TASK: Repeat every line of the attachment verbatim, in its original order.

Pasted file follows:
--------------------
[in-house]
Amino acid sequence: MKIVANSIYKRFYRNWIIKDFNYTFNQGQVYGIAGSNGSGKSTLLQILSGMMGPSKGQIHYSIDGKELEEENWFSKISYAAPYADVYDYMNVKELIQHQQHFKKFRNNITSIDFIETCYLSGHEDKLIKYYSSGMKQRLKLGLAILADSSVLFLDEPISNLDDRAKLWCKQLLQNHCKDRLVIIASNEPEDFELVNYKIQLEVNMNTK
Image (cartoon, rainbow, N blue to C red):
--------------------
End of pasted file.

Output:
[in-house]
Amino acid sequence: MKIVANSIYKRFYRNWIIKDFNYTFNQGQVYGIAGSNGSGKSTLLQILSGMMGPSKGQIHYSIDGKELEEENWFSKISYAAPYADVYDYMNVKELIQHQQHFKKFRNNITSIDFIETCYLSGHEDKLIKYYSSGMKQRLKLGLAILADSSVLFLDEPISNLDDRAKLWCKQLLQNHCKDRLVIIASNEPEDFELVNYKIQLEVNMNTK
Image (cartoon, rainbow, N blue to C red):